My first shot on an animal of significant size and toughness came while stalking the sands of the Kalahari. Just before dark, we found an old cull cow oryx, stalked within range, and I took the 245-yard shot. She made it roughly 40 yards before piling up. Now, oryx are known for being tough and very hard to kill; in fact, I personally am of the opinion that they are as hard or harder to stop than a big bull elk while being only 1/3rd the size. My shot on this animal was the least perfect of the trip, entering just ahead of the crease behind the shoulder and angling rearward to stop under the hide just over the second-to-last rib. The heart and lungs of most African plains game reside much further forward than our American deer and elk’s vitals, making it important to place your bullet through the shoulder rather than behind the shoulder. I failed to recognize that this oryx was quartered toward me, and so my bullet placement was less than ideal. Even so, the animal went down rapidly to the single shot.
Another tough animal, the black wildebeest has a reputation for being hard to kill. My opportunity at a big bull came at 270 yards, flat on my belly in the Kalahari sand. The bull had seen us and was quartered toward me hard, giving me only a narrow shot angle at the point of his shoulder. I rested my rifle over my binocular and squeezed the trigger. Dust puffed from the bull’s shoulder and the herd erupted, disappearing in a cloud of dust. The bull ran about 70 yards and went down, but struggled back to his feet as we approached. A thick screen of brush all but obscured him as I tried a follow-up shot. Turns out the follow-up shot was unnecessary, as my first shot was spot on target, breaking the shoulder where it entered before traveling through both lungs and stopping somewhere in the bull’s opposite flank.
“Yes, you can shoot an ostrich.” I was surprised to hear my PH’s heavily accented assent, but not slow to accept it. “Okay, I’d love to, should the opportunity present.” Unsure about shot placement, I asked where to aim at an ostrich. He explained, leaving me with vague concepts of shooting at wing butts, breaking a leg down, and where a Texas heart shot was located on 300-pound birds.
Just at dusk, an ostrich ran across the dusty road ahead of our land cruiser as we traveled toward the lodge. It stopped about 100 yards distant, so I jumped off the truck, settled my rifle into the shooting sticks, and tried to squeeze the trigger on the big brown body. Before I managed the bird was off, running through brush so high I couldn’t see its body, just the head and neck periscoping away across the veldt. A grunt from the PH signified that the jig was up, but I kept my crosshairs on the bird and it finally stopped, way out across the brush, only head and neck showing. I received an affirmative when I asked if I could shoot at the head, so not knowing the precise range I held on the bird’s noggin, reasoning that my bullet might hit the head or drop into the neck somewhere. The trigger broke and a loud pop coincided with the disappearance of the ostrich head and exclamations of surprise from my PH and tracker. I had just shot that big old bird through its little tiny head/neck at 275 yards. I was now convinced that my rifle/scope/bullet combination was fully invincible.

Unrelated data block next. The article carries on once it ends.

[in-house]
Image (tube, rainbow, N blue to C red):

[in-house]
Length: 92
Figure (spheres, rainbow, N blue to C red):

Not possessing a toughness reputation akin to that of oryx or wildebeest, zebra are nonetheless big, heavy-boned animals. Bullets must be tough and penetrate deeply in order to do their job well. One early morning we spotted a small herd of mountain zebra high on the side of a steep, rocky, brush-covered ridge. Several hours of stalking later I waited, rifle across the shooting sticks, for a zebra to offer a shot through the brush. Finally, it came, a tiny 200-yard window to the animal’s quartered-on shoulder. My shot broke the heavy bone at the point of the shoulder and angled through lungs, heart, and innards before stopping in the front edge of the opposite hindquarter. Much to my chagrin, we were unable to find the bullet, but we did follow its remarkable path through some 45-plus inches of zebra bone and tissue. The animal was down in less than 30 yards.
The biggest of all African antelope species, a cull cow eland was to be my final test for the new 155-grain TLR bullet. It was my 11-year-old son Josiah’s turn to hunt, so he put away his 6.5 Creedmoor and took up my .280 A.I. He made a perfect 200-yard shot, and it turned out to be my favorite hunt of the entire trip. I’ve penned the story in the opening paragraph. I was shocked at how quickly the eland was down; she only made it 10 yards and went down immediately. The bullet took her in the center of the heavily-muscled shoulder, passed through both lungs and the large arteries atop the heart, broke the opposite shoulder bone just above the joint, and came to rest under the skin. Impressive performance.
We harvested eight animals in Africa from the tiny steenbok to the massive eland with my .280 Ackley Improved and Edge TLR bullets. All were one-shot kills. Bullet performance in every case was very, very good. I would be glad to use it again on anything short of brown bear and Cape buffalo.